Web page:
Bunn said it took roughly three seconds from when the 18-wheeler started to hydroplane when it crashed into the fire engine.
Captain David Johnston with Hanover Fire & EMS also testified about his recollection that night.
Johnston was responding to the initial accident scene in Engine 10 when he saw two tractor-trailers traveling at a fast speed getting on to I-295.
“I told my driver they must have a deadline,” Johnston said.
The firefighters in Johnston’s engine arrived on scene shortly after the secondary crash and found Clark pinned under the front tires. Several men had to reverse the engine in order to pull Clark free.
All three firefighters in Engine 6 testified Tuesday, including Christopher Elish, Carter Lewis and David Johnson.
Elish recalled arriving on scene at the initial call, grabbing his gear to treat the patients, only to hear Clark say, “You’ve gotta be kidding me”. He testified he saw Clark go pale “like something bad was going to happen”; Elish turned around to see the 18-wheeler headed their way.
The firefighter, who has been with the agency for 2.5 years, said he hopped back in the fire engine and braced for the impact. He recalled it feeling like an earthquake with tools and other items flying around inside.
He added the only warning he received about the 18-wheeler heading their way was from Clark.
Carter Lewis was another member of Engine 6 to take the stand Tuesday. Lewis had been with the group for a few months and Oct. 11, 2018, was his first day in the field.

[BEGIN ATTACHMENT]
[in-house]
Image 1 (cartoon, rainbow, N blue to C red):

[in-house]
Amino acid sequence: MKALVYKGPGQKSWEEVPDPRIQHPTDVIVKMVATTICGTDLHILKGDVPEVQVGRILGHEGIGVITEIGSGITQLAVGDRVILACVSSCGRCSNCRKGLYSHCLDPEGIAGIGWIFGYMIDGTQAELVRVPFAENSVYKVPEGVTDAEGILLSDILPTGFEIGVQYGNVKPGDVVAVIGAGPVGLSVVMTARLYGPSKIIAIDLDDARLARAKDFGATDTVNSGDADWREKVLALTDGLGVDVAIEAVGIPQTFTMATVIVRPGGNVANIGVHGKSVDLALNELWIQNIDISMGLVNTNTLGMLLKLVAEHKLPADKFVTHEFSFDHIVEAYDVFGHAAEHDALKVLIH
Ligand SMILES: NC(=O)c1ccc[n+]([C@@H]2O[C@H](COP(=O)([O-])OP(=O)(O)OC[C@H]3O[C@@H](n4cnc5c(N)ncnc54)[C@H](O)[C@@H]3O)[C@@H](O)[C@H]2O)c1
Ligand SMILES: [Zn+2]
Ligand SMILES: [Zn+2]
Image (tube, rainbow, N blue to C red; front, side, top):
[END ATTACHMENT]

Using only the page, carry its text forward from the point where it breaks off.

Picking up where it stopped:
Lewis testified about the rough weather conditions on the ride to the accident scene, hearing Clark tell the driver of the fire engine to “take it easy”.
Upon arriving at the scene, Lewis testified Clark told the group to watch out, and “keep their wits about them”. However, seconds later he heard Clark yell something which was inaudible. As Lewis was making his way to the first crash scene, he said he was hit by something and went unconscious; he woke up 10-20 seconds later in the first lane of the highway near the left shoulder.
The final member of the Engine 6 crew to take the stand was the driver, Dave Johnson. Johnson testified he left Hanover Fire & EMS in April 2020 and has fleeting memories of getting hit in the crash.
“Ears popping, bright lights, and then black,” Johnson testified.
The final witness on Tuesday was Dr. Jennifer Bowers, the Assistant Chief Medical Examiner.
Bowers testified about Clark’s autopsy conducted the morning of Oct. 12, 2018.
According to Bowers' testimony, Clark suffered multiple external and internal injuries leading to his cause of death as blunt force trauma to the torso.
On Wednesday, additional members of the Hanover Fire & EMS agency are expected to be called to the stand. This includes a firefighter who Royalty and Bruns had to have a private conversation about with the judge in her chambers.
Royalty was made aware of this man’s presence during the trial as other witness testimony was being given. All witnesses, except for two experts, were sequestered in another room.
The man said he was there to support the Clark family during the trial. No motions were made regarding this matter.
Labarge’s defense attorney is also expected to call witnesses Wednesday, with Labarge expected to take the stand himself.
Court is expected to resume at 9 a.m. Wednesday.
Following Lt. Clark’s death, Virginia’s Move Over Law was toughened by increasing the fine if drivers do not move over when they see emergency vehicles.
Some of those fines include potential jail time and loss of a license if someone is killed or property is significantly damaged.